Lingenfelter Chevrolet Corvette ZR-1
From the July 1991 Issue of Car and Driver
“I know it’s hard to believe, but some guys who bought ZR-1s, the first thing they tell me, you know, is they’re disappointed. They don’t care about top speed. They say to me, ‘Man, out there at stoplights, I expected this thing was just going to lift its front wheels when I goosed it. But it doesn’t.’”
Blasphemy? Maligning the manliness of a Corvette ZR-1 is like accusing Norm Schwarzkopf of wearing pantyhose. Unpatriotic. Except that, in this case, the blasphemer—John Lingenfelter, raised in East Freedom, Pennsylvania—has made a handsome living tinkering with Corvettes for almost 23 years. With eleven assorted NHRA class championships in his hip pocket, Lingenfelter is the quintessential all-American hot-rodder. A hot-rodder with a degree in mechanical engineering from Penn State.
“My goal,” says Lingenfelter, “was to increase the ZR-1′s output by about 100 horsepower. With no new pieces of hardware. With tailpipe emissions that equaled or were better than stock.”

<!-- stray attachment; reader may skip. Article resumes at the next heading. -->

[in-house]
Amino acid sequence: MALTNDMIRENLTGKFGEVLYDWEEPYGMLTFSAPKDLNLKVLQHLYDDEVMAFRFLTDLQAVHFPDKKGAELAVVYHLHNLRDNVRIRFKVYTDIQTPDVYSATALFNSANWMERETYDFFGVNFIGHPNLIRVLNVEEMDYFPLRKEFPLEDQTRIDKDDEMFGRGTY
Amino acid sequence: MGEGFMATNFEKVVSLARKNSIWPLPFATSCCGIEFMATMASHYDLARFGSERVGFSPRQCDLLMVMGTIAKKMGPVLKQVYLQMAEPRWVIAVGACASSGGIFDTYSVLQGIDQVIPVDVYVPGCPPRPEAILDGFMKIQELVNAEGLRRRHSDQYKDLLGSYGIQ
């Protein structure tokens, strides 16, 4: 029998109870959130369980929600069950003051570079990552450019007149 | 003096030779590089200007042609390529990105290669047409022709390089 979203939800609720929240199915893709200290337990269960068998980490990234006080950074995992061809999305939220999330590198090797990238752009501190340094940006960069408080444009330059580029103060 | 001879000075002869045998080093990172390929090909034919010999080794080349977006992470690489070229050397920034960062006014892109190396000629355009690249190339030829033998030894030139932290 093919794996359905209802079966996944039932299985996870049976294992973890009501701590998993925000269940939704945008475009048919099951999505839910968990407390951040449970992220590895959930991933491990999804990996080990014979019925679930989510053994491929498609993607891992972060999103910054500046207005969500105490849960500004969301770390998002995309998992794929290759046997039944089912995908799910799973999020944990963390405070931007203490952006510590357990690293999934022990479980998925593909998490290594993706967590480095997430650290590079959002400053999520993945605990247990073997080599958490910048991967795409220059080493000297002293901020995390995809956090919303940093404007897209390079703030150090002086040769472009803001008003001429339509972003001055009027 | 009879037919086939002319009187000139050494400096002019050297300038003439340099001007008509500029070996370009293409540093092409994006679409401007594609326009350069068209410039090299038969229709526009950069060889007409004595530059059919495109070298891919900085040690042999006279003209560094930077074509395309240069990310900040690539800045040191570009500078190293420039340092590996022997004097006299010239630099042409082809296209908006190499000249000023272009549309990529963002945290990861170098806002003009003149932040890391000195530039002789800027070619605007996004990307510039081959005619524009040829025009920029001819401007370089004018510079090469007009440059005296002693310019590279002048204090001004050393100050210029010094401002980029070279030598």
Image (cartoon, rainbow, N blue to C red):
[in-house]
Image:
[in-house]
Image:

Get a grip, John, we said.
Which deterred this 45-year-old, silver-haired racer not one whit. He is Kenny Rogers on a caffeine jag. During a daylong interview, Lingenfelter deposits himself in a seat exactly once, and then only because he cannot eat his chicken sandwich standing up. Like a pre-schooler, he is in perpetual motion.
“That’s an old twin-turbo salt-flats motor over there, and here’s a 557-cubic-inch 950-horsepower marine motor for a 41-foot Apache, and you know this dyno measures up to 1450 horsepower but it’s not too accurate with anything below 300, and that’s my own invention, a tuned-port box; God, with that thing on a 383 [cubic-inch small-block], it just kicks ass. Where are the keys to that white 383? Oh, here. You gotta drive this.”
Then he disappears.
Taking notes is nearly impossible. Photographer Dick Kelley says, “Okay, John, just 60 seconds to get the right lens, then I’ll take your portrait.”
“Great,” says Lingenfelter, “time enough for a phone call.”
Then he disappears.